A priority for the upcoming generation of ecclesiastical leaders, then, must be to impart a better understanding of basic ecclesiology to the Catholic faithful, not one that indulges in the quasi-hagiographical descriptions of popes and bishops that were sometimes offered to earlier generations, but one conveying a right appreciation of divine mandates concerning who has governing authority in the Church, and who does not.
Evangelical demands are real, and so are canonical ones
The faithful’s understanding of the relationship between the Gospel and canon law was severely damaged by the antinomianism of the 1960s. Not surprisingly, the second fault line in the Cuomo-Communion controversy revealed continuing confusion regarding certain expectations for Christians set out in the Gospel and about how canon law reflects those expectations.
Over the last few decades catechesis in Western nations has thinned to the point that, for many faithful today, Christianity scarcely makes any demands upon them that, being the nice people they generally are, they would not have chosen for themselves anyway. As a result, though, nothing is so startling as the idea that the Gospel makes some demands on people that run contrary to their personal preferences, indeed, demands that require, throughout one’s life, real changes of heart and real changes of conduct.
Now, at the risk of merely asserting what should and could be proven if space permitted, let me just say that most Gospel demands which admit of external observation are reflected somewhere in modern canon law. I will go further and say that many of today’s most controversial canonical norms (such as canons on papal primacy, the permanence of marriage, and admission to the Eucharist) are those with very obvious Scriptural roots. Without proposing an untenable reduction of Scripture to canon law, the fact remains that contestation of many key canonical requirements in the Church is, in fact, contestation of many key Scriptural requirements for Christian living. Restoring awareness of this linkage between the Bible and the Code must be, then, another pastoral priority.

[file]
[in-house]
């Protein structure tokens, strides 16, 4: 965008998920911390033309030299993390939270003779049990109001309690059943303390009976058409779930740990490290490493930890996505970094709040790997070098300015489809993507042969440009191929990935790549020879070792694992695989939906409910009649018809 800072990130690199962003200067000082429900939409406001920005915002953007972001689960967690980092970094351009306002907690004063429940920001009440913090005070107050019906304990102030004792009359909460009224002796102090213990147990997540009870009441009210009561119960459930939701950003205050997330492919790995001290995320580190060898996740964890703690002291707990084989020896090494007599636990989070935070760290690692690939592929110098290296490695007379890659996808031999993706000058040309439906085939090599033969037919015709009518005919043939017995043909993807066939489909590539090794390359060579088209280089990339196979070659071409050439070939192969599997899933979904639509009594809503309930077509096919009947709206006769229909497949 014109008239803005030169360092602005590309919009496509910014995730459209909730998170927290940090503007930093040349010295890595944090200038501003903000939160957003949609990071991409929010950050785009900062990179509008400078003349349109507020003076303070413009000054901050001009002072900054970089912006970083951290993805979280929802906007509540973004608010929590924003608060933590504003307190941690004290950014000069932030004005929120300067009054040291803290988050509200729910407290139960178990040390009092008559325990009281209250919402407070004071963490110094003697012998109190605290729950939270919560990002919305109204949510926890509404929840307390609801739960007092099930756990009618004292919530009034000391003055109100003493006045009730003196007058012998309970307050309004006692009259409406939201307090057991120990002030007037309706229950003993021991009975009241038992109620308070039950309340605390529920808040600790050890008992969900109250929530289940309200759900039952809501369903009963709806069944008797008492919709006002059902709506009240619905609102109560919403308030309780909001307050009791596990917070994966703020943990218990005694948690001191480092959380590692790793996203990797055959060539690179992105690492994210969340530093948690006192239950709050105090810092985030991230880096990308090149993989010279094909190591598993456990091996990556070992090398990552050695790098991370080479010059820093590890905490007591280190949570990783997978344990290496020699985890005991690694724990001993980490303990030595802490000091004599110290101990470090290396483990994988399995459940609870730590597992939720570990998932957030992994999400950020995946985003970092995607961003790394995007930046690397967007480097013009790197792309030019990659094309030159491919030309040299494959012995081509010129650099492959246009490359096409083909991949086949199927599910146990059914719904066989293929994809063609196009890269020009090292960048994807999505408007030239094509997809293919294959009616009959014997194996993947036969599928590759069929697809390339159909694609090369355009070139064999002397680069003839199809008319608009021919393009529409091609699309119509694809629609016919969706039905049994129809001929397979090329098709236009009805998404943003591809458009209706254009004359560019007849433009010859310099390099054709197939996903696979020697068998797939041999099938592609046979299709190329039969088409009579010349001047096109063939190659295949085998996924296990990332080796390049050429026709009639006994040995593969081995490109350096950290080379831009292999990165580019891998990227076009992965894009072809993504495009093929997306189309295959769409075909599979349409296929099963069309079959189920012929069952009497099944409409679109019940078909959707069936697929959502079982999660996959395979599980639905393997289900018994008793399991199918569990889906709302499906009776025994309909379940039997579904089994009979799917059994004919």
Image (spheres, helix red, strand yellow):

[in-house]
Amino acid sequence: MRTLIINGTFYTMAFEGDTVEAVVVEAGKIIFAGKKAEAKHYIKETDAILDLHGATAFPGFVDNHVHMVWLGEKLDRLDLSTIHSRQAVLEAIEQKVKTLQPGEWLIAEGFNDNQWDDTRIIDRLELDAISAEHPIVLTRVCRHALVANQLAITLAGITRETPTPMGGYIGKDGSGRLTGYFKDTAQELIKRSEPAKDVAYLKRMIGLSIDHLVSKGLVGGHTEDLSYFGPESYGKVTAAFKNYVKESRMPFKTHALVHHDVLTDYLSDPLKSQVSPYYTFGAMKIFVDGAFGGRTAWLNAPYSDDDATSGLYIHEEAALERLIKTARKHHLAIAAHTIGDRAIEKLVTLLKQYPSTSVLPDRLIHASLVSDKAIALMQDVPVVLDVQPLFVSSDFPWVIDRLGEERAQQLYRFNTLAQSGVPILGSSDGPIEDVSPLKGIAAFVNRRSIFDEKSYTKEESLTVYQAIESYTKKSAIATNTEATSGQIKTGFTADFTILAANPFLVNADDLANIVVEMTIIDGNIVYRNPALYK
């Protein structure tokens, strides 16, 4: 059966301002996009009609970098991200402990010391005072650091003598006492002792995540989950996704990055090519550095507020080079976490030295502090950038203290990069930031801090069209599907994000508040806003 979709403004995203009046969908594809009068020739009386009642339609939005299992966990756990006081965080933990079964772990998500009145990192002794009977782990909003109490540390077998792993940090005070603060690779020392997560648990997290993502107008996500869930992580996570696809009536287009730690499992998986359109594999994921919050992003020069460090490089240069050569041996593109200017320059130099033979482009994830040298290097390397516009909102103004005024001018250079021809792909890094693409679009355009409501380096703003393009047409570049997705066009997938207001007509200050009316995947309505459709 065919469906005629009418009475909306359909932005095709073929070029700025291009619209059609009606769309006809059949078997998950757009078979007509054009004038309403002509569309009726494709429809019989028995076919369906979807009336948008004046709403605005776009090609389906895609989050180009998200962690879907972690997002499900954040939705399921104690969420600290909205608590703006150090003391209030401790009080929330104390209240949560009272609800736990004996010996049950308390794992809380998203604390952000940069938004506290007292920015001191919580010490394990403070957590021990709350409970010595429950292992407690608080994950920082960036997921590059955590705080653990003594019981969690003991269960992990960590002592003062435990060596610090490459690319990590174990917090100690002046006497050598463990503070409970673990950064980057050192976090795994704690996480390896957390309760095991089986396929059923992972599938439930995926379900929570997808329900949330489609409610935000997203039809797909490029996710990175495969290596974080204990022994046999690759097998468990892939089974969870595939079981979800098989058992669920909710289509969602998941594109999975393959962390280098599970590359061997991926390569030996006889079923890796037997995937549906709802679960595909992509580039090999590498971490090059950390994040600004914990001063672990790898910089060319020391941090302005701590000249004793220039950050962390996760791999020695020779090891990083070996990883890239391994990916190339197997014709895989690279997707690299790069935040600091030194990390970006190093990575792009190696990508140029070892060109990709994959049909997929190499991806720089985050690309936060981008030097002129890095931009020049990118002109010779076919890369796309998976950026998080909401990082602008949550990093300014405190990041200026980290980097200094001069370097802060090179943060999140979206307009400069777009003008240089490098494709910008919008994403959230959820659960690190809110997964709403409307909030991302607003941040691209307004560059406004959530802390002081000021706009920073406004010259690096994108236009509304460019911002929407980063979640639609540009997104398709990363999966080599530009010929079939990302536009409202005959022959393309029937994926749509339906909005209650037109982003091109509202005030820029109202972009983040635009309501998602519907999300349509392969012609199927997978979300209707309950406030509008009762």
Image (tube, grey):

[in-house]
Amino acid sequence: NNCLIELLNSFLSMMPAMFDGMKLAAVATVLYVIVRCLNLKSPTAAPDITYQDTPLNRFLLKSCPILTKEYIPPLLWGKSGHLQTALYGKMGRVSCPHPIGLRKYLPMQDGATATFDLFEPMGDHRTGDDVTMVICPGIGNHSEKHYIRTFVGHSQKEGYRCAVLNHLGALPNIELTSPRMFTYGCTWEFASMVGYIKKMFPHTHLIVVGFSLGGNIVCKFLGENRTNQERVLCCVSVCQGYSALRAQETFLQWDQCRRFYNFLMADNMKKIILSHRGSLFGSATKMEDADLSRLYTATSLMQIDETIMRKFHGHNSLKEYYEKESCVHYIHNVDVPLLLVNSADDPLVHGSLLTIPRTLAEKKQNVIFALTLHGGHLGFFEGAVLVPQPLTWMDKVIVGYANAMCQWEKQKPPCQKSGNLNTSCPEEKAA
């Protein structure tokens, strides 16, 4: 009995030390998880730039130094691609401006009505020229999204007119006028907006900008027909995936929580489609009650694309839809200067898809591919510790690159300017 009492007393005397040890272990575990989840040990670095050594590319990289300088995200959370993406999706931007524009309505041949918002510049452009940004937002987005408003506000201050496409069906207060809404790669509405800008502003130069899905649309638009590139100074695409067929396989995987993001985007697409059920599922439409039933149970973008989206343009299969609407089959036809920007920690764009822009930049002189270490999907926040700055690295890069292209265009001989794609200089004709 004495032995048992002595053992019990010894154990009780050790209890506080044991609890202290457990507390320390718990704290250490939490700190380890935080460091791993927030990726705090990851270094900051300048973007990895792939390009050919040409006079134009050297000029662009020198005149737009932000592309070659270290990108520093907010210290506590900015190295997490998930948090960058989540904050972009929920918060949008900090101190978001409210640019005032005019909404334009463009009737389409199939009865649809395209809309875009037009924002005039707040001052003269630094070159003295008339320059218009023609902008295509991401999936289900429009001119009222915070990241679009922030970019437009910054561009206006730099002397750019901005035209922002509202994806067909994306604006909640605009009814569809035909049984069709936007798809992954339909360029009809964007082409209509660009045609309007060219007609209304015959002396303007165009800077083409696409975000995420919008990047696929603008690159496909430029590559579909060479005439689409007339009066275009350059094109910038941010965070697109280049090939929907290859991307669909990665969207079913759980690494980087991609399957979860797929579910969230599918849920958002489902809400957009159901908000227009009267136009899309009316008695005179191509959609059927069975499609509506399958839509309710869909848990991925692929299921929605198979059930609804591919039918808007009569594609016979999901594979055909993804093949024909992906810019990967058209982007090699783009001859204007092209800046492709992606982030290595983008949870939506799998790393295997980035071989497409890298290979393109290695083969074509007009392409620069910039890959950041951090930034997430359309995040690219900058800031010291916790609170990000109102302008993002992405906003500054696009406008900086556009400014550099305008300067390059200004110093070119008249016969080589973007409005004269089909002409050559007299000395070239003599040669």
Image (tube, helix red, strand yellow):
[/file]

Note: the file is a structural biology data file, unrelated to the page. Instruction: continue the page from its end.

In the meantime, as suggested above, even pointing out objective evangelical and canonical demands is almost guaranteed to startle people these days, and when people are startled they often cry out in shock or anger against whoever or whatever is startling them. That certainly happened in this Cuomo-Communion case. But, while the outcry was loud, none of it seriously challenged my analysis of the three specific issues that underlie the case. It hardly could have, for my comments regarding Cuomo’s conduct, his approaching for Holy Communion, and the bishop’s administration of it, while critical of all three, were neither canonically novel nor personally judgmental.
A closer look at one aspect of the Cuomo-Communion controversy
Let us take a closer look at just one aspect of the Cuomo-Communion controversy, that concerning the lifestyle freely chosen by Cuomo and Lee.